|Title: The Girl of Fire and Thorns|
|Author: Rae Carson|
|Genre: High fantasy|
|Elements: Kingdoms, Deserts, Religion|
|Series: Book 1 of the Fire and Thorns series|
I generally try not to review books where religion has a strong influence on the main storyline. Despite having lived my whole life in multi-racial, multi-cultural Singapore, I have this fear that I might accidentally offend someone. So I err on the side of caution, and this translates into my reading and reviewing preferences.
Elisa is the chosen one.
But she is also the younger of two princesses, the one who has never done anything remarkable. She can't see how she ever will.
Now, on her sixteenth birthday, she has become the secret wife of a handsome and worldly king—a king whose country is in turmoil. A king who needs the chosen one, not a failure of a princess.
And he's not the only one who seeks her. Savage enemies seething with dark magic are hunting her. A daring, determined revolutionary thinks she could be his people's savior. And he looks at her in a way that no man has ever looked at her before. Soon it is not just her life, but her very heart that is at stake.
Elisa could be everything to those who need her most. If the prophecy is fulfilled. If she finds the power deep within herself. If she doesn’t die young.
Most of the chosen do.
The Girl of Fire and Thorns's religious aspect is really well done. It's an integral part of the universe and has such a strong presence in the main storyline that it would be easy to have overdone or underplay its significance. Carson's careful crafting and utilization of the topic shows us the importance of religion in the Fire and Thorns universe, as well as the development of the religion through the ages, and its impact of society.
Through Elisa's eyes, we get to see her piety, as well as the added impact of bearing the Godstone on herself and others. As in real life, there are differing degrees of piety, interpretations of the religion and texts based on it, and this plays a big part in propelling the story forward.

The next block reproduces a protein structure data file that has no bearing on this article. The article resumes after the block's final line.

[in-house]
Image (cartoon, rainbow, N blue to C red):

This is not just the story of religion. It's neither just the story of a person chosen for greatness, nor the story of a princess in a political marriage. It's not even the story of an overweight girl in a society similar to ours. The Girl of Fire and Thorns is all of that and more, which is a lot to pack into a novel. (Unless you're George R. R. Martin, in which case it's not enough.)
The bildungsroman aspect is heightened as Elisa is entered into a political marriage, particularly the uncertainty of finding yourself and not living under someone else's shadow. Elisa's weight plays a huge part in establishing relationships and side storylines, though it's lovely to see that Elisa doesn't put herself down because of it. She knows her strengths and uses them to help herself in potentially sticky situations. As a character, Elisa is truly admirable as she learns to navigate politics, kidnappers, rebels and political machinations.
The side characters are varied, and Carson constantly keeps readers on our toes as she keeps us guessing as to what is going to happen next. Even questions as to who Elisa will end up with has to be constantly analysed. In the grand scheme of things, the romance is not an integral part of the story, though it does have an impact on the storyline. I expect we'll see more development in the sequels in this aspect, and it'll be just as heart-wrenching and passionate as what is portrayed in The Girl of Fire and Thorns. I look forward to what Carson brings us in the next stage of Elisa's life, and I hope she won't be put through the wringer (as much)!